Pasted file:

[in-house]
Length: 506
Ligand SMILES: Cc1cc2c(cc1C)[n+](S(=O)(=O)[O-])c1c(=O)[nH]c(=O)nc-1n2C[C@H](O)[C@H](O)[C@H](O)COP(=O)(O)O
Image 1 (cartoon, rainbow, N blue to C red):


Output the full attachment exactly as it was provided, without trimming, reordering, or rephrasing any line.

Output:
[in-house]
Length: 506
Ligand SMILES: Cc1cc2c(cc1C)[n+](S(=O)(=O)[O-])c1c(=O)[nH]c(=O)nc-1n2C[C@H](O)[C@H](O)[C@H](O)COP(=O)(O)O
Image 1 (cartoon, rainbow, N blue to C red):